Annuity schemes cost elderly millions

Some market `income-for-life' deals without disclosing substantial fees


Maydeen Tharp wanted a living trust. She wound up buying a $230,000 annuity.

Tharp, a widowed homemaker, had invited an insurance man to her home in Upland, Calif., to get her estate in order. The salesman shifted the conversation to a different subject: annuities. Then he asked whether they could move outside to the back patio so that her cats wouldn't trigger his allergies.

The salesman talked for hours. The November afternoon grew cold and dark.

Finally, Tharp gave in. She agreed to move the bulk of her retirement savings into an annuity.

"He was so talkative he could sell you anything," recalled Tharp, 69. "After five hours, I was so tired and cold, I just wanted to make him go away."

Tharp had second thoughts the next day and was able to get her money back with help from her financial adviser. Thousands of other elderly Americans have not been so fortunate.

Investment brokers and insurance agents are selling annuities to the nation's 36 million senior citizens at a furious clip, often through deceptive or high-pressure tactics. Annuity sales reached $217 billion last year, nearly triple the amount in the early 1990s.

Using come-ons honed by marketing experts, unscrupulous agents play on seniors' fears by suggesting that stock mutual funds and even federally insured bank accounts are too shaky to depend on. They depict annuities as a secure alternative without explaining the accompanying fees and restrictions.

Some sales agents offer estate-planning services or free financial workshops for seniors to gain access to their financial information. Then they zero in on those with sizable assets, delivering a hard sell for annuities regardless of whether they meet the clients' needs.

Annuities are contracts that promise fixed or variable payments in the future. Salespeople sometimes don't mention the "surrender" charges that apply if buyers withdraw more than modest sums in the early years of an annuity.

Murray H. Cheves, a 90-year-old retiree from San Luis Obispo, Calif., bought a $100,000 annuity in 2001 with withdrawal penalties that lasted 10 years. Cheves would have had to live to 100 to have unfettered access to his money.

Instead, he died at 91, and his heirs were slapped with an $11,000 surrender charge.

"Our older citizens, understandably concerned with rising living and medical costs and even pension uncertainties, are being targeted by unscrupulous financial predators," said William F. Galvin, Massachusetts' top securities regulator, who has brought complaints against annuity providers.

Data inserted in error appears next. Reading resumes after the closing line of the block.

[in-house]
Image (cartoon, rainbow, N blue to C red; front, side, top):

The NASD, the brokerage industry's regulatory arm, has filed 286 enforcement actions over annuity sales in the past six years, including 88 in the 12 months that ended in November, the most ever for a single year.

Regulators say deceptive practices are driven by the prospect of rich commissions. On a $100,000 annuity, the agent's take typically is $3,000 to $10,000, although it can reach $16,000, according to industry experts.

"In many cases, the agent or broker ignores the senior's circumstances and locks him into an inappropriate annuity, and fat commissions are the motivation," said California Insurance Commissioner John Garamendi.

Annuities allow people to shield retirement savings from taxes for years and then receive regular payments, much like a pension. When investors die, their estates generally can get lump sums equal to at least what they contributed.

Surrender charges, however, can be in force for up to 20 years. During that period, investors who take out more than 10 percent of their money in any year can be subject to steep penalties. In addition, investment gains are diminished by commissions paid to sales agents and by fees for insurance features.

Proponents of annuities say abusive sales practices are far less widespread than regulators contend. They say their products make sense for many people, including older Americans.

"The people who are doing right in this industry are not greedy with their earnings, and the great majority of us don't buy mansions and Jaguars at the expense of seniors," said Mark Kennedy, a Woodland Hills, Calif., financial adviser who is a member of the insurance industry's Million Dollar Round Table of top sales producers.

Los Angeles billionaire Eli Broad, who founded SunAmerica Inc., one of the nation's biggest annuity providers, notes that the products are unique among investments because they can provide guaranteed income for life.

"People are living how many years now? If they start investing at 65, they need a variable annuity more than they need a mutual fund," said Broad, 72. "They need a guarantee that if something bad happens to the stock market, they or their heirs will get their money back."

But Broad conceded that people of advanced age should be leery of annuities. An 85-year-old, for example, might see only a few months of payouts.

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